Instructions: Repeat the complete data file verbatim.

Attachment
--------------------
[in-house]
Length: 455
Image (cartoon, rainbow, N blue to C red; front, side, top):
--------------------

[in-house]
Length: 455
Image (cartoon, rainbow, N blue to C red; front, side, top):